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Recording Heavy Drums Wednesday, Equipment knowledge needed

Discussion in 'Drums' started by IanSwiftCore, May 14, 2007.

  1. IanSwiftCore

    IanSwiftCore Guest

    My post-hardcore/grindcore band is recording this Wednesday (hopefully). We were going to have a friend with a bunch of recording equipment record us but she's too busy so we're trying to rent equipment in addition to the equipment I have right now. Which is...

    1 Boom Mic Stand
    1 6 foot vertical stand
    1 bass drum mic stand
    2 20' Microphone cables
    1 Shure SM58 Vocal Mic
    1 Shure SM57 Instrument Mic
    1 Perception 150 Condenser Mic
    1 Inspire GT Audio Interface (Connects via Firewire cable)
    and a Mac OS X laptop with garage band and not installed cubase

    We're going to do track by track recording with the top number of tracks on a song being 6 (2 vocal tracks, 1 guitar, 1 bass, 1 keyboard, drums)

    The most difficult thing to record is obviously going to be the drum set. As by necessity the drum set consists of 2 snare drums, a bass drum with double bass, 7 cymbals not including 2 hi-hat stands, and a floor tom.

    We're going to be renting equipment from A/V Chicago (http://avchicago.com). Here's what I was planning on renting (I'm thinking mostly right now about the drums)

    6 microphone input mixer - Mackie 1402-VLZ3
    2 Shure SM57 Mics
    1 Shure Beta 52
    1 Shure SM94 Condensor Mic
    4 boom stands
    (All microphones come with mic cables)

    Meaning we would mic all the drums and then just put two condenser mics for the cymbals/hi-hats, run this all through the six channel mixer and put left/right into my audio interface and then onto garage band.


    If you guys foresee any problems with my plan, please let me know.
     
  2. Boswell

    Boswell Moderator Distinguished Member

    You'll be up all night trying to mike that lot up! For a first recording, you could start with just the Beta 52 on the kick, the two 57s on the snares and a pair of overheads. The overheads should be matched condensers, panned L and R of centre. You might consider swapping the hired SM94 for a pair of AKG C414s or Rode NT5s. There are many threads on these forums about drum kit miking - use the search feature and see what others have had to recommend. I've used the Beta 52 on kick as a stage mic, but I prefer an Audix or a Beyer M88 in the studio.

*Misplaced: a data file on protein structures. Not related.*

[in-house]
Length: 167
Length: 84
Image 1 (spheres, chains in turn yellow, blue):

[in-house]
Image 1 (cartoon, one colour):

The Mackie 1402 should be OK for mixing, but leave lots of headroom on the inputs when laying down the drum track. If you are going straight to 2-track, how are you going to monitor and balance the mix?

    Have you got headphones and a headphone amp for the tracking?
     
  3. Multoc is a guy you'd want to ask. I'd second the 414s for overheads--my suggestion is to try to get a nice stereo image of the whole kit (namely cymbals and toms) with these, but rather use the other mics as triggers of sorts (just picking up transients and dynamics) into a drum-replacement program (i.e. Drumagog) for at least the kick/s and snare.

    The benefits: Basically only the overheads to worry about as far as kit sound, and then you can sample your favorite snare ("43% Burnt," perhaps?) and kick and implement them to taste. It also eliminates having to tune the 2 kicks precisely with one another after every 3 takes. Note: the money you'd spend on a program like Drumagog might not be much more than the mics you intend to rent, and it's yours to keep thereafter.